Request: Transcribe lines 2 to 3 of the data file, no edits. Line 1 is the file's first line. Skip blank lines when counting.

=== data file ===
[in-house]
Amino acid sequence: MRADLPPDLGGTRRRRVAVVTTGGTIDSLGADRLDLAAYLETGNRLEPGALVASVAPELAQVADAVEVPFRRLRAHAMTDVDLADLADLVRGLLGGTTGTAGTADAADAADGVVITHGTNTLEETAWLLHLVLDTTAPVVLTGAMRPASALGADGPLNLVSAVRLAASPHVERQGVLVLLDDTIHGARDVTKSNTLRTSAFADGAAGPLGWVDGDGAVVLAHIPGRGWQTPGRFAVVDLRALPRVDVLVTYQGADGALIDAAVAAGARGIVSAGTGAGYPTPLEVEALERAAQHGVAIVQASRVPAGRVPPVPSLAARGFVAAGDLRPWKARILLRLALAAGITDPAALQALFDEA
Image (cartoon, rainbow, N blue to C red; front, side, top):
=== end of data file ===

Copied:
Amino acid sequence: MRADLPPDLGGTRRRRVAVVTTGGTIDSLGADRLDLAAYLETGNRLEPGALVASVAPELAQVADAVEVPFRRLRAHAMTDVDLADLADLVRGLLGGTTGTAGTADAADAADGVVITHGTNTLEETAWLLHLVLDTTAPVVLTGAMRPASALGADGPLNLVSAVRLAASPHVERQGVLVLLDDTIHGARDVTKSNTLRTSAFADGAAGPLGWVDGDGAVVLAHIPGRGWQTPGRFAVVDLRALPRVDVLVTYQGADGALIDAAVAAGARGIVSAGTGAGYPTPLEVEALERAAQHGVAIVQASRVPAGRVPPVPSLAARGFVAAGDLRPWKARILLRLALAAGITDPAALQALFDEA
Image (cartoon, rainbow, N blue to C red; front, side, top):